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How to Find the Perfect Fixer-Upper Home

Posted on Tuesday, February 7, 2017


An older or damaged home can look like a deal in the making, but is it right for you?


It's a little run down, but it's just right. Are you on the lookout for the perfect fixer-upper home? When you're buying a house, here's how to tell if a fixer-upper is the right project for you.

You Love the Neighborhood

You can fix a house, but you can't fix the neighborhood nearly as easily. Don't be persuaded by a home that's a steal, even if you think that you can fix it. The price could reflect the state of the community around the home as well. If you're going to live in your fixer-upper or if you'd like to flip it, you need to consider what amenities are in the neighborhood. Does it have a community center? How are the schools? Is it close to transit? Choose a home for its features, but choose it for the neighborhood's features as well.

You Look Past the Facade

The perfect fixer-upper is one that has cosmetic problems but few serious flaws. For example, you might find a home that has hideous paint and carpet throughout. Perhaps it's seen a lot of wear and the flooring is worn and the walls are scuffed. That's a turnoff to prospective buyers, and it can turn off the novice home buyer. However, you need to look past the flaws that are cheap to fix and look at the structure of the home instead.

The Home Has Good Bones

Repainting a home is simple and inexpensive, but taking on a large renovation involves a larger expense. If you look around at a house and realize that its layout just doesn't work for your family, investigate how much work you'll need to do to make it work. Will it involve an addition to the house? Will you need to move walls? What walls can you move or remove easily? Buying a home with a layout that generally suits your family will be much less expensive than buying a home that you need to gut in order to be happy.


The right fixer-upper is one that you can fix yourself.


You Can Do It Yourself

If you're considering selling the house in the future, look for renovations that have a strong payback. Can you do the renovations yourself? How much will they add to the value of your home?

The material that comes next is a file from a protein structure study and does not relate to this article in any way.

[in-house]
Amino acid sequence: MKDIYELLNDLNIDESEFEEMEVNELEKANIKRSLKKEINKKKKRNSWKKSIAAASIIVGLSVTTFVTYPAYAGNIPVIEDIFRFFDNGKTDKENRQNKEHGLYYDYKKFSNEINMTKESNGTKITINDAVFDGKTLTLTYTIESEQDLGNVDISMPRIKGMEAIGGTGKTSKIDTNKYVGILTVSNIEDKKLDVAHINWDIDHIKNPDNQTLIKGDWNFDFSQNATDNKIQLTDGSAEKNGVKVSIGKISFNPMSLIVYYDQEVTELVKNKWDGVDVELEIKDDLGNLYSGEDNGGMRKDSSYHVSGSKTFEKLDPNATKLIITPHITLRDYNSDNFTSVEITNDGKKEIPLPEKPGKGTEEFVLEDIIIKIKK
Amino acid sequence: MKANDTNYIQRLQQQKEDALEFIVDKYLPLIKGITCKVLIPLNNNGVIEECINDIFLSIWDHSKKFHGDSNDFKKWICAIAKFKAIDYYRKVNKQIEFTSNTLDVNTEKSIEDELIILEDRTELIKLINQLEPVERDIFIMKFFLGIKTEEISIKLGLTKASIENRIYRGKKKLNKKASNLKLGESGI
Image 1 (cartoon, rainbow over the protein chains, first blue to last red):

Many of the least expensive renovations such as new paint have a large payback, while according to This Old House, "major repairs - plumbing and electrical system overhauls, foundation upgrades, and extensive roof and wall work - are usually "invisible" and hardly ever raise the value of the house enough to offset the cost of the renovation."

You're Buying a House With No Fatal Flaws

Before you fall completely in love with a house, you need to look at it with a critical eye. Get a home inspection, and ask the following questions.
  • How is the foundation?

  • Is the roof leaking?

  • Are there mold or mildew concerns?

  • Is the electrical system working well, and is it wired properly?

  • How well does the plumbing work?

  • Do any major systems such as the air conditioning, furnace, or doors and windows need to be replaced?

  • Has there been serious damage to the house in the past?

  • Overall, is the house structurally sound?

If any of these concerns are present in a home, take a hard look at your budget before committing to buy, as these projects are often work for a professional.

At Open for Homes, we're committed to helping you find the right home. When you're buying a house, the options can seem overwhelming. Use our easy search functions and real estate tips to help you narrow your search. Subscribe today.

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